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Baker's Dozen

Fertile Ground: Lol Tolhurst's Baker's Dozen
Julian Marszalek , October 18th, 2023 09:08

Following the publication of his goth chronicle and ahead of a new album with Budgie and Jacknife Lee, The Cure's founding drummer Lol Tolhurst takes Julian Marszalek through his favourite records, from Jimi Hendrix to Low via the wonders of Trout Mask Replica

Photo by Louis Rodiger

“I’m not being coy, but you’ll have to read the book,” chuckles Lol Tolhurst coyly down the Zoom line from his Californian home, where he’s been a resident for the last 30 years. He’s been a busy man of late and his schedule shows no signs of abating. Up first is said new book, Goth: A History, which was published on 21 September. Joining John Robb’s The Art Of Darkness: The History Of Goth and Cathi Unsworth’s Season Of The Witch: The Book Of Goth, Tolhurst’s examination of the genre is the first to be written by one of the movement’s unwitting creators. Given that so many of goth’s key figures have spent a lifetime repudiating the tag in a manner that puts Saint Peter’s denial of Christ in the shade, it now appears that Tolhurst – who shares responsibility with the rest of The Cure for goth urtexts Seventeen Seconds, Faith and the monumental Pornography – is sticking his head above the parapet. Why has it taken him so long for him to admit it?

“It really boils down to the fact that a lot of times when we started with The Cure, we didn't want to be anything,” says Tolhurst. “We’d get journalists asking, ‘So what kind of music do you play?’ And we go, ‘Well, it’s Cure music; that's what we play.’ We didn't want to put a label on it. And that's a good idea because when that particular label goes out of fashion, then you're out. So we never did that. And Robert Smith was very insistent on that.” He continues: “However, when I look at what we did, we were like the fertile ground that [the goths] all came out of. And I know it – I put all the connections together. And I show people, but there's a philosophical argument about it, but that’s all in the book.”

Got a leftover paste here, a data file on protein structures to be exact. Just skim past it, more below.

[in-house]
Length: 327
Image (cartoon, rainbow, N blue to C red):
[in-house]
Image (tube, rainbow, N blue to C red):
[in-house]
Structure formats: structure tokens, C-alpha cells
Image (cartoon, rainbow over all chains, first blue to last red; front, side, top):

Lol Tolhurst is less coy about his new musical project, Lol Tolhurst x Budgie x Jacknife Lee, which, as the name suggests, is a union between him, former Siouxsie & The Banshees drummer Budgie, ex-Compulsion guitarist turned super-producer Jacknife Lee and a revolving cast of singers and musicians including LCD Soundsystem’s James Murphy, Starcrawler singer Arrow De Wilde and U2 guitarist The Edge. But even without the guests, the prospect of two of post-punk’s leading drummers working together is a tantalising one. According to Tolhurst, both he and Budgie bounced off each other in much the same way that the best pairs of guitarists do when they get together – some pushing and pulling, giving each space while meshing and weaving into a whole new entity.

“I make him blush all the time when I say this, but for me, it's true. Budgie is not only a good friend that I've known for many years, but to me, he's the best drummer of our generation. I can just watch him play and I just get enjoyment out of that,” says Tolhurst. “Music’s a conversation; it has to be a discussion because if it's not then you're just going through the motions. We riff off of each other, but in ways that you wouldn't immediately think; there are some things he does that I’ve got no chance of doing.”

But it’s Lol Tolhurst’s favourite albums to which we turn our attention. What becomes evident throughout our conversation is how each of these albums have been a signpost from the Crawley of the 70s to his present day position.

Lol Tolhurst’s book Goth: A History is out now on Quercus Books. Lol Tolhurst X Budgie x Jacknife Lee’s debut album, Los Angeles, is released on 3 November via Play It Again Sam.

To begin reading Lol Tolhurst’s Baker’s Dozen, click the image of him below.